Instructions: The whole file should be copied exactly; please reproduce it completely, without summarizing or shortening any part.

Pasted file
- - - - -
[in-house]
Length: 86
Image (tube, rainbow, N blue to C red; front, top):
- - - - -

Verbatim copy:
[in-house]
Length: 86
Image (tube, rainbow, N blue to C red; front, top):